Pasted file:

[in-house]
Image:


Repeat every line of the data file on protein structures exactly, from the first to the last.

[in-house]
Image: